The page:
Alaska’s flu cases and hospitalization rates are declining after hitting the state hard this winter, according to a weekly report put out by the Alaska Department of Health.
That report shows a downward curve in cases beginning in mid-December, a potential reprieve from a cold and flu season that began earlier than usual, putting intense pressure on the state’s health care system.
Health officials caution, however, that flu season isn’t over yet.
“It’s possible there could be multiple peaks in a season, and it’s important to note that (influenza) is very much still circulating,” said Eric Mooring, a field officer with the Centers for Disease Control and Prevention assigned to the Alaska Section of Epidemiology.
State data also indicates a decline in people getting sick enough to need hospital care.
At the peak of influenza-related hospitalizations during the first full week of December, 77 Alaskans were admitted to the hospital. During the first week in January, that number dropped to 32.
It’s possible Anchorage’s back-to-back December snowstorms — dubbed “snowmageddon” by some — contributed to the decline in cases and resulting hospital stays, officials say. The three storms dumped more than 3 feet of snow on the city over 11 days. Bad roads kept people home and closed schools, preventing the spread of infection.
“It’s certainly a plausible hypothesis,” said Mooring, who is also a lieutenant in the U.S. Public Health Service Commissioned Corps. “The less human contact that happens, the less spread we would expect to see.”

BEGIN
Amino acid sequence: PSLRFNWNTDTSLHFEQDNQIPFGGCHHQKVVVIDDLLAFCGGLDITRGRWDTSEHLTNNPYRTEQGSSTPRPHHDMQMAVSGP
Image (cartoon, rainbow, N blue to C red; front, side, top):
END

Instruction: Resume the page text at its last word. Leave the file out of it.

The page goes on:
During the snowstorms, pediatrician Dr. Matt Hirschfeld said this week, the number of patients seeking care at Alaska Native Medical Center and Providence Alaska Medical Center dropped, particularly in the pediatric units where he works. But there’s no data to prove any link, Hirschfeld said.
“I think the snowstorms in Anchorage may have actually helped with the surge because it did keep kids out of school — for that almost entire week they were gone,” he said. “And that may have slowed the transmission of RSV and flu.”
The flu, along with the respiratory syncytial virus, also known as RSV, has contributed to a significant rise in hospitalizations around the state this year, especially in pediatric units.
Hirschfeld said the two viruses are hitting different parts of the state unevenly, allowing hospitals to stretch their resources and not become overwhelmed all at once. But that also could mean some regions of the state will still see a surge in upper respiratory illnesses in the coming weeks.
Alaska’s flu case decline broadly follows a Lower 48 trend of decreasing upper respiratory illnesses in recent weeks, Mooring said.
More than 9,000 cases of influenza have been reported so far in Alaska this season, according to the state health department. That number represents the small proportion of sick people who opted to get tested.
The flu typically peaks around January, but cases in Alaska started rising in late October, earlier than usual, with similar early increases reported around the Lower 48.
This year’s most common strain, H3N2, is now being detected in communities all around the state. This strain has historically been linked to higher hospitalization rates and more severe illness.
Influenza is a viral infection that attacks the respiratory system, nose, throat, bronchial tubes and lungs. Anyone can get the flu, but young children, older adults and those with chronic illnesses are especially vulnerable.
In Alaska, health officials say it’s likely masking and other pandemic-related precautions led to lower numbers of flu and cold cases over the past two years, so it’s not surprising that case reports have been higher this year.
For the last two years of the pandemic, Alaska and the country recorded exceptionally mild flu seasons. In 2020, Alaska reported fewer than 100 total influenza cases, fewer than any season in recent history. There was a slight uptick in 2021, but still below pre-pandemic averages.
Mooring and Hirschfeld said it’s not too late to get a flu shot. State data shows that less than a quarter of Alaskans 18 and older are vaccinated against the flu.